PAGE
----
The ruins of Easby Abbey became a favourite subject for artists including JMW Turner. The parish church, St Agatha’s Church was built before the Abbey with parts of it dating from 1100. It is contained within the precinct and is still in use to this day, its treasures including rare 13th century wall paintings. These archaic ruins offer a glimpse of England’s rich history and appear in stark contrast to the industrial conurbations within Teesside but all still to be found within God’s Own Country.
Richmond has a strong military background and is home to the Green Howards Regiment. There are two war memorials in the town and one of those is a Celtic Cross dedicated to the losses suffered by this regiment in the first and second World Wars.
Whilst tourism is incredibly important to the local economy, the single largest influence on the area is the nearby British Army base of Catterick Garrison. The base can be found approximately 3 miles (5 kilometres) south of Richmond in North Yorkshire and is the largest British Army garrison in the world. I had found my adventures taking me from Larkhill, the home of the Royal Artillery to a drive by of the largest Army base in not just the country, but the world. It covers around 2,400 acres and in 2017, had a population of 13,000 but there were plans to increase this to around 25,000 by 2020.
The garrison was originally called Richmond Camp but the name was changed to Catterick Camp in 1915 and then modified to Catterick Garrison in 1973. It was constructed in 1914 and after the First World War, became a prisoner of war camp. By the 1930s, many of the camps facilities had been completed and after the Second World War, it was once again used to house prisoners of war. There are many barracks within the garrison accommodating many different regiments and most of those barracks are named after battles. For example, there is Marne Barracks, named after the Battle of Marne fought from 6th- 12th September 1914 during the First World War. There is Cambrai Barracks, named after the Battle of Cambrai fought from 20th November until 7th December 1917 and there is Somme Barracks, obviously named after the Battle of the Somme, a brutal battle fought from 1st July until 18th November 1916. This names but a few of the many barracks in this large and thriving garrison town.
I didn’t loiter too much through the garrison and on my travels, covered significant ground in visiting numerous folk that took me through numerous counties within England. I had a fleeting visit to Darlington, a large market town lying on the river Skerne, a tributary to the river Tees in the county of County Durham and I had also quickly visited a friend in the town of Crook, another market town in County Durham. This town can be found a couple of miles north of the river Wear, on the edge of Weardale.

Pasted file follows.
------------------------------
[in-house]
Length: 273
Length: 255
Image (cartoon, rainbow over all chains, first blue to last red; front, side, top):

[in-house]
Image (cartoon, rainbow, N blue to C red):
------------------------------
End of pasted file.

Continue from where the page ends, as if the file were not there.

I also managed to catch up with a friend in East Harlsey, a quaint village some 7 miles from Northallerton, in the Hambleton district of North Yorkshire and got to meet the lovely Eric (a stunning thoroughbred horse), and the wild and youthful Hugo (another gorgeous pony).
I had seen little wild life on this safari mainly because of my confinement in a car I suspect. Horses seemed to be the predominant animal spotted, as well as sharing time with Holly the Chihuha and Jock the Black Labrador, in addition to that pesky suburban sea gull and randomly, a solitary duck spied in a field of all places!
This road trip had taken me through many counties in England but this epic journey had provided me with the joys of love! The overwhelming warmth exuded from family and friends made the journey all the more worthwhile and the bliss of the contrasting but beautiful landscape within my home country was fantastic. I realised that whilst I missed Kenya and all it had to offer with its significantly different life style and rugged wilderness, (and my husband and dogs of course!), I missed my homeland and all of those people that make it so special.
Greystoke had to be returned so I reluctantly bid my farewells and returned to my temporary home in Larkhill. The road trip had quelled my itchy feet for now, and I am ever hopeful that my next adventure will see me returning to my husband and completing the Nomadic Family Unit.
As always Mrs Nomad a very informative journal of your travels .. Always enjoy reading about your adventures .
Sadly without Mr Nomad but hopefully you will be returning to your nomadic family once again in the not too distant future . It has been a very surreal year … but amazed at the resilience of people to get through the pandemic . Such a sad time ..
Looking forward to your next nomadic journal .
I really enjoyed reading these,it was lovely to have you home but I know you are both missing each other so bad,so wish you a speedy return to Phil and your furry babies.xxxx